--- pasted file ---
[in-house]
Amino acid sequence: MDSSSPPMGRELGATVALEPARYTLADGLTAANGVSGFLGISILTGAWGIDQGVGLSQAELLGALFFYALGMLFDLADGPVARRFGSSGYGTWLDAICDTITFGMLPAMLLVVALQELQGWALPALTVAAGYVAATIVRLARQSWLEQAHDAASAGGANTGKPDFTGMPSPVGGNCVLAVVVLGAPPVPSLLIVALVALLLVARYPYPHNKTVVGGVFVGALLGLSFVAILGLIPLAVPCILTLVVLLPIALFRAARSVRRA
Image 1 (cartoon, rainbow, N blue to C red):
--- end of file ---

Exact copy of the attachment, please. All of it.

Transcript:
[in-house]
Amino acid sequence: MDSSSPPMGRELGATVALEPARYTLADGLTAANGVSGFLGISILTGAWGIDQGVGLSQAELLGALFFYALGMLFDLADGPVARRFGSSGYGTWLDAICDTITFGMLPAMLLVVALQELQGWALPALTVAAGYVAATIVRLARQSWLEQAHDAASAGGANTGKPDFTGMPSPVGGNCVLAVVVLGAPPVPSLLIVALVALLLVARYPYPHNKTVVGGVFVGALLGLSFVAILGLIPLAVPCILTLVVLLPIALFRAARSVRRA
Image 1 (cartoon, rainbow, N blue to C red):